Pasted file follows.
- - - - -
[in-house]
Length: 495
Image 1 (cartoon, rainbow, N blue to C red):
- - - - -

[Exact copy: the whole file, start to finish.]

[in-house]
Length: 495
Image 1 (cartoon, rainbow, N blue to C red):